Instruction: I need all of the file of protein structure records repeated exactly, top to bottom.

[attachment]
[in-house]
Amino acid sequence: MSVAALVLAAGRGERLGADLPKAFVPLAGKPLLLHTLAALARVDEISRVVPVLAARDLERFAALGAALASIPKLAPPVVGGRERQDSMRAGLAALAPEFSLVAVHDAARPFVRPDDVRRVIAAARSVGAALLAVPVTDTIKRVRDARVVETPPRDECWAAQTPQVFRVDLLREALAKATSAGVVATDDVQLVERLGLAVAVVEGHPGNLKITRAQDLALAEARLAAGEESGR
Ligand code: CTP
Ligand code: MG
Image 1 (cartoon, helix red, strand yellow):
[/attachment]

[in-house]
Amino acid sequence: MSVAALVLAAGRGERLGADLPKAFVPLAGKPLLLHTLAALARVDEISRVVPVLAARDLERFAALGAALASIPKLAPPVVGGRERQDSMRAGLAALAPEFSLVAVHDAARPFVRPDDVRRVIAAARSVGAALLAVPVTDTIKRVRDARVVETPPRDECWAAQTPQVFRVDLLREALAKATSAGVVATDDVQLVERLGLAVAVVEGHPGNLKITRAQDLALAEARLAAGEESGR
Ligand code: CTP
Ligand code: MG
Image 1 (cartoon, helix red, strand yellow):